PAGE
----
A. The evening of Tuesday in Holy Week is now come, a day into which so many all-important lessons, so many tremendous warnings, have been crowded. Our Saviour has spoken for the last time to His people in Jerusalem. When next He returns into the city, it will be to enter on His Sacred Pássion.

He has, with His disciples, walked down the steep side of Mount Moriah on which the Temple stands. He has crossed the Brook of Cedron, close to the south side of Gethsemani, and having walked a little way up Mount Olivet, is now sitting, with His disciples around Him, on the slope, near the spot where, on Palm Sunday, He wept over the city. Once more His Heart and His eyes are fixed on the sinful city and the desecrated Temple. For Jerusalem is the city of His predilection, His chosen sanctuary, His holy city. If I forget thee, 0 Jerusalem, let my right

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hand be forgotten. Let my tongue cleave to my jaws, if I do not remember thee (Psalm cxxxvi.). Call to mind some of the words which He had inspired His Prophets to speak concerning this favoured spot: Is this the city of perfect beauty, the joy of all the earth ? (Lament. i.). Thus saith the Lord God: This is Jerusalem ; I have set her in the midst of the nations, and the countries round about her (Ezechiel v.). The Temple on Mount Moriah was the one chosen house of the Lord, the House of Sacrifice. My eyes shall be open and my ears attentive to the prayer of him that shall pray in this place (2 Paral. vii.). From Sion the law shall come forth, and the word of the Lord from Jerusalem (Isaias ii.). God is our King before ages. He hath wrought salvation in the midst of the earth (Psalm lxxiii.). We find many holy writers speaking of Jerusalem as the centre of the earth. Lastly, in the dying prayer of old Tobias, we read : Jerusalem, city of God, give glory to the Lord for thy good things, and bless the God Eternal. Thou shalt shine with a glorious light, and all the ends of the earth shall worship thee. Blessed are they that love thee and rejoice in thy peace. Happy shall I be if there shall remain of my seed to see the glory of Jerusalem (c. xiii.). Our Blessed Lord knows all that He has planned to do for Jerusalem, if only His people would acknowledge Him. Try to enter into the grief of His most loving and disappointed Heart.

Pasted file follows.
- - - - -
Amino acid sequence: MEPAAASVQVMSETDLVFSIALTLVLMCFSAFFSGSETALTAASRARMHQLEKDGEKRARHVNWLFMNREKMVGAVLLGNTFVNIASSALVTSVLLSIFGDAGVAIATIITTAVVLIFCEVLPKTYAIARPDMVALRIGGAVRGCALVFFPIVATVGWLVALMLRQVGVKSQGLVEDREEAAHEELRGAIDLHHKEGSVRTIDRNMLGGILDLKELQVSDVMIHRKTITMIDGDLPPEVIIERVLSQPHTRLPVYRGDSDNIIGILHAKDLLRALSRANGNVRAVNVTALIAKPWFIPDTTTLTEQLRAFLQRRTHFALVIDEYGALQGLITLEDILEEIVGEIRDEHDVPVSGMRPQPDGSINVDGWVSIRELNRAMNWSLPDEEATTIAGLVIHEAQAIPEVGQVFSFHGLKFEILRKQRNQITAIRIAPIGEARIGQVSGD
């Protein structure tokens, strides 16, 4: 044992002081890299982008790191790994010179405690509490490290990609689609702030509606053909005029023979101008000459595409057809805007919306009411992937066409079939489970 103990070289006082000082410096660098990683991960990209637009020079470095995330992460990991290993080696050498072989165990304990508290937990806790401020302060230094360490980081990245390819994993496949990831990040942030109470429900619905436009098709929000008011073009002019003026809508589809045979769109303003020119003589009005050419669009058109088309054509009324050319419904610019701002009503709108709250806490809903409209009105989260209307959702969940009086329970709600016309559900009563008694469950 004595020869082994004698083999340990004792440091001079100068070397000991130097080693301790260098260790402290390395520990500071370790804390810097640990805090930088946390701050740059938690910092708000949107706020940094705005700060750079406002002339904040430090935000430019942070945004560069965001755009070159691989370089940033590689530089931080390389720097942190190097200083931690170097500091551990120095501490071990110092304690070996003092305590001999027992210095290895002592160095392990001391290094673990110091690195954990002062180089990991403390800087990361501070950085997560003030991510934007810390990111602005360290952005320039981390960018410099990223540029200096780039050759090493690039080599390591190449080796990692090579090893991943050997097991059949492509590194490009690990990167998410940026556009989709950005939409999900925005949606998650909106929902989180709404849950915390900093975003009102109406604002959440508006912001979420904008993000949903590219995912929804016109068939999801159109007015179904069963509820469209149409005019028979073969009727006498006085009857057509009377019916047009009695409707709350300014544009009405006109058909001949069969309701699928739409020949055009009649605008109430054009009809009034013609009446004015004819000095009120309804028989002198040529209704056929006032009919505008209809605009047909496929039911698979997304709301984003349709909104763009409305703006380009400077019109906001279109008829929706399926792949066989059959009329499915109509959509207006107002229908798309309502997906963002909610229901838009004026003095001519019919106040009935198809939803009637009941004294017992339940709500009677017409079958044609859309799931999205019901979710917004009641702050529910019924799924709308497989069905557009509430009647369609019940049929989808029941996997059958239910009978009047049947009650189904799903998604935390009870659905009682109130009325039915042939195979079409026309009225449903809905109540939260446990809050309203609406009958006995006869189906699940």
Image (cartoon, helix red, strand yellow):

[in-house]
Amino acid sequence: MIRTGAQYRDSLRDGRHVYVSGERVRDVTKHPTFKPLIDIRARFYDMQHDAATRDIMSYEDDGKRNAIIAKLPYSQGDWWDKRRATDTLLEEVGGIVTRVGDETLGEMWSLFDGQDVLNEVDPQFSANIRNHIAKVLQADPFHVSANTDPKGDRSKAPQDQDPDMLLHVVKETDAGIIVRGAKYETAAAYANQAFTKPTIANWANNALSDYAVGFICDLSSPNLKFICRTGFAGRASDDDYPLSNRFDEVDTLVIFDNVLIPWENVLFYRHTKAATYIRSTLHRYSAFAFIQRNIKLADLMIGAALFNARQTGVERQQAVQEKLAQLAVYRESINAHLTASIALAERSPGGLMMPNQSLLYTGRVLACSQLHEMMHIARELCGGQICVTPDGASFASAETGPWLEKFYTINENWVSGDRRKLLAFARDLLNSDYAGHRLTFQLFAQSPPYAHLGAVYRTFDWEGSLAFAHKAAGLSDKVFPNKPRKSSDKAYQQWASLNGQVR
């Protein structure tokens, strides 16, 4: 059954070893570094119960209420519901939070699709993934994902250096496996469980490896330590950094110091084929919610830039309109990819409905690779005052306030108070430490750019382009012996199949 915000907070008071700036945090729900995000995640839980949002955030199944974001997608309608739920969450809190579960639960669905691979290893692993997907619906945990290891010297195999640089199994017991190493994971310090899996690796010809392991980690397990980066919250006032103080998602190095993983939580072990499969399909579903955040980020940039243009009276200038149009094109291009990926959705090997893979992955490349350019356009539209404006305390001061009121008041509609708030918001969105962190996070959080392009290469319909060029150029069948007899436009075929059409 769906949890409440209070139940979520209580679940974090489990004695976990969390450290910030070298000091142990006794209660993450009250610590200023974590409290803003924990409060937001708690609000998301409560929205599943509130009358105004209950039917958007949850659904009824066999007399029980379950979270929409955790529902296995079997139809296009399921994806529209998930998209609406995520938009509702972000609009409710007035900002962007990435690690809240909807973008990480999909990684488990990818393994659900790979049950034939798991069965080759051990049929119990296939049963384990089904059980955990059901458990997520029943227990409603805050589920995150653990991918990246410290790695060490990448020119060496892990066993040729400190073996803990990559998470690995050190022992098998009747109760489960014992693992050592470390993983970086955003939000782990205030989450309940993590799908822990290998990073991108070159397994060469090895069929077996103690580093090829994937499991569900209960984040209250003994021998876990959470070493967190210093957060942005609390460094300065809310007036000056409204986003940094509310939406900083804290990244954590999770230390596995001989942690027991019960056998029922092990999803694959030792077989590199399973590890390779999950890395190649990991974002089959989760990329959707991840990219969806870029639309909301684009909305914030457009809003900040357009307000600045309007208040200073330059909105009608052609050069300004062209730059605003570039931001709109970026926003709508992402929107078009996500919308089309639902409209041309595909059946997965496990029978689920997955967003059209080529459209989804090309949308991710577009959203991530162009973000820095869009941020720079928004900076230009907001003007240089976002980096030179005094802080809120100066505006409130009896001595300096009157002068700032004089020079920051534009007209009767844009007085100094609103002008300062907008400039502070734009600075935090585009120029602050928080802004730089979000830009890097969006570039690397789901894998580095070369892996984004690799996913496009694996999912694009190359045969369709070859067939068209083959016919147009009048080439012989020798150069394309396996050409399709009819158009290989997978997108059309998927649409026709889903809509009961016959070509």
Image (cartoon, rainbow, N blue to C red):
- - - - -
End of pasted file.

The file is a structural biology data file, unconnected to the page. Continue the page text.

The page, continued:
And here we must reflect upon ourselves, for He that is mighty has done for us things a thousand times more merciful and more loving than for Jerusalem. How far more intense His disappointment when He is obliged to say to us too: My people, what have I done to thee ?? (Micheas vi. 3).

B. Our Blessed Saviour had just been speaking of the destruction of Jerusalem. On former occasions, He had spoken of His Second Coming. The Son of Man shall come in the glory of His Father with His angels (St. Matt. xvi. 27). His Apostles remember this, and now question Him concerning both events: Tell us when shall these things be ?


He answers first : Take heed that no man seduce you. For

many will come in My Name, and they will seduce many. And you shall hear of wars and rumours of wars. See that you be not troubled. For these things must come to pass. But the end is not yet. For nation shall rise against nation, and there shall be pestilences and famines and earthquakes in places. Now all these are the beginnings of sorrows (St. Matt. xxiv. 4-8).

He here teaches them not to expect the consummation of the world too soon, as His Church has first to pass through a long term of sufferings. These are only the beginnings of sorrows; worse are to follow.


(1) Then shall they deliver you up to be afflicted, and shall

put you to death, and you shall be hated by all nations. (2) Then shall many be scandalised, and shall betray one another and hate one another. (3) And many false prophets shall rise and seduce many. And (4) because iniquity hath abounded, the charity of many shall grow cold (vv. 9-12).

Here are the greater sorrows that are to follow : (1) persecution; (2) many shall be scandalised; (3) false prophets shall seduce many; (4) the charity and fervour of many shall grow cold.

In the midst of these greater sorrows our days are now spent. How have we been affected by them ? Have we been at all seduced by false teachers? Have we been scandalised ? shaken in our faith ? Have we ever turned traitors ? Has the chilling atmosphere of Protestantism and worldliness and unbelief caused charity to grow cold within us ?

Have mercy on me, O God, according to Thy great mercy, and according to the multitude of Thy tender mercies